With two different styles currently on offer, Beckett Simonon can accommodate a wide range of guys. If you like a Gucci-type loafer without the luxury markup, the Beaumont might be a good option for you. But, I’d avoid the Cohens and Bernards, as this line seems to be trying to mash two different styles together.
Beckett Simonon Boots
Quality & Construction
A good quality boot should be in every man’s wardrobe. Ideally, they should be welted, with a full-grain leather upper, stacked leather heel, brass or other metal eyelets and speed hooks, and durable rubber outsole. Of course, these can come in at quite the cost, with many retailing for north of $400 or, in some cases, $500 or more. How does Beckett Simonon stack up?
Beckett Simonon’s boots are not welted, but instead Blake stitched like their dress shoes. On one hand, this may lack some of the branding and shelf appeal that a Goodyear welted boot would have. On the other, the stitching may actually help the boots break in more quickly. In my experience, it hasn’t really made a great deal of difference. I’ve worn a pair of the Dowler boots for nearly a year now and the construction has held up beautifully.
Though it seems somewhat contradictory, I’d always wanted to try a pair of suede boots. The boot, of course, is designed to be functional and take quite the beating. How would a more delicate material like suede hold up, particularly in adverse weather conditions?
I’m pleased to report this has been successful. The suede on my pair is an excellent blend of being soft while maintaining its shape. It isn’t as nappy as some of my suede dress shoes (including my pair of Beckett Simonon suede Oxfords), but I suppose that’s a trade-off for weatherproofing the uppers.
The hardware is also a place where brands can cut corners, and it doesn’t look like Beckett Simonon did that here. The brass backing on the eyelets are securely in place, and I couldn’t bend the speed hooks even if I tried.
Two minor gripes on construction: First, while the SBR rubber sole is fine enough and has performed well, I have felt soles of better quality and slightly better traction at similar price points. Secondly, the pull tab at the back also feels thin and kind of cheap. But, as I’ve been able to pull the boots on without it, it’s far from a dealbreaker for me.
Comfort & Fit
As with the dress shoes, I’ve found Beckett Simonon’s boots to be quite comfortable. Like the shoes, there’s no cork midsole or foam layer on the inside. But, the leather lining is more than soft enough, and there’s plenty of padding to cushion the ride.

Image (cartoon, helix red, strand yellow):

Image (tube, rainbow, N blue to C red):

This lack of a foam layer on the inside has actually been a good thing. For instance, I’ve had a pair of Thursday Boots with a ‘comfort strip’ of EVA foam layered underneath a leather lining. While, in theory, it’s a great idea (and results in a supremely comfortable boot at first), after about six to eight months of wear, that strip compresses and results in a pretty firm ride in the end.
I also found the fit on my boots to be a little different than the lace-ups and loafers. In most cases, taking a half-size smaller on boots is usually a good rule to follow. While a 9 is definitely my size in Oxfords and probably my best size in the loafers, I was mistakenly sent a 9.5 in the boot. I tried them on and, to my delight, they fit wonderfully with a pair of boot socks. I suspect the reason is the higher shaft on the boot mitigates any potential gapping issues. However, if you have standard ‘D’ width fit, taking your normal boot size should be just fine.
Style & Design
Like their Oxford selection, Beckett Simonon offers quite the range of boots in smooth leather, pull-up leather, and suede. There’s my Dowler, which is a slightly refined combat-style boot. Then, there are wingtips, derby-style boots, Chelseas, dress boots, and one appearing to be a more refined version of Alden’s iconic “Indy” boot.
All this choice can be kind of overwhelming — but, from my outside view, it looks like bootmaking is where the company has really invested their R&D. It’s safe to say, then, Beckett Simonon will likely have a boot to suit your style.
Colorways are offered in mostly the same names and finishes as their dress shoes. I found my ‘chesnut’ colorway on the Dowler to have a slightly orangish undertone. While that’s something I wouldn’t seek out in my dress shoes or loafers, I think it lends a rugged appeal.
While my dress shoes from the company have definitely gotten more wear, I’m more and more intrigued every time I visit the website and see new styles popping up. I suppose because everything is indeed made-to-order, the company can afford to experiment and make something like a balmoral boot. While the rubber outsole leaves a little to be desired, I’ve found the boots to be well-made with excellent materials and to fit very well. I can wholeheartedly recommend them.
Beckett Simonon vs. Allen Edmonds
Now, let’s consider Beckett Simonon against the perennial powerhouse of Allen Edmonds in the same categories of Quality, Construction, Fit, and Design.
A favorite of US Presidents and business executives, Allen Edmonds is a heritage brand long-regarded for its quality materials and attention to detail. As the primary supplier of boots and shoes to the US Army during the Second World War, the company gained a loyal following that continued well into the 1980s and 1990s. However, with increasingly relaxed workplace dress codes and the retirement of much of their customer base, the brand had to reinvent itself to target a younger audience as it approached its 100th anniversary in business.